The Department of the Interior announced last week that it would amend regulations regarding hunting and trapping in Alaska’s national preserves by allowing some harvest methods that were prohibited by rule in 2015.
The final rule, to be published in full later this week, removes restrictions on harvest methods and seasons to “more closely align hunting and trapping regulations with those established by the state of Alaska by providing more consistency with harvest regulations between federal and surrounding nonfederal lands and waters,” said National Park Service Acting Director David Vela in a press release. National preserves, which encompass more than 20 million acres across the state, are managed by the National Park service, but allow hunting, unlike most national parks.
Once the new rule goes into effect, hunters and trappers will be able to use a broader suite of methods and seasons to harvest game on the ten national preserves throughout Alaska. Hunters and trappers will continue to follow licensing, permit, and bag limits set by the state.
Methods now permitted by this rule change include using bait to attract bears (Ursus spp.), hunting black bears with dogs, and taking wolves (Canis lupus) and coyotes (Canis latrans) during the denning season.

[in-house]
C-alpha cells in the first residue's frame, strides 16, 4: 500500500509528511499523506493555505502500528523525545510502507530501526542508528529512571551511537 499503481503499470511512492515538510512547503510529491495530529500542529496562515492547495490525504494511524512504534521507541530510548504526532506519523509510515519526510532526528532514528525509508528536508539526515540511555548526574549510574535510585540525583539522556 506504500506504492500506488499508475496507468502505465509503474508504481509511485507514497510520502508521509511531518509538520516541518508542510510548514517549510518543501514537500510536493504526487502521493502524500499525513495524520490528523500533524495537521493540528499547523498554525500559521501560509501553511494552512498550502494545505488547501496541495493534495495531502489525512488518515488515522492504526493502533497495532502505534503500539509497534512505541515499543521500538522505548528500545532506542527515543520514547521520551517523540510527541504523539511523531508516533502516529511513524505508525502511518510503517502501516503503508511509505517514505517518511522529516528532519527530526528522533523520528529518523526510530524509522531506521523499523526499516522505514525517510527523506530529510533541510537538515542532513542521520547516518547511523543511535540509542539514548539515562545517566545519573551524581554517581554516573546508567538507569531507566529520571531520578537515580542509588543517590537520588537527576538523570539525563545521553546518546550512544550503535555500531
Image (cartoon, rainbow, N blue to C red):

These practices were prohibited in Alaskan national preserves in 2015, despite being allowed by the state wildlife agency on other public and private lands in Alaska. The following year, the U.S. Fish and Wildlife Service imposed similar prohibitions on sixteen National Wildlife Refuges in the state. The USFWS prohibition was overturned by Congress in 2017, making use of the Congressional Review Act, which allow lawmakers to more easily reverse recently-passed regulations.
This week’s rule was first proposed in 2018, in part to implement two secretarial orders. Secretarial Order 3347, signed in 2017, directs the Interior Department to increase access to hunting and fishing opportunities and improve cooperation and communication with state wildlife managers. Secretarial Order 3356, also signed in 2017, directs the National Park Service to modify their regulations related to predator management, hunting seasons and methods of take permitted to better align with the corresponding programs, seasons and methods established by state wildlife management agencies.
|Laura Bies is a government relations contractor and freelance writer for The Wildlife Society. She has a B.S. in Environmental Science and a law degree from George Washington University. Laura has worked with The Wildlife Society since 2005. Read more of Laura's articles.|
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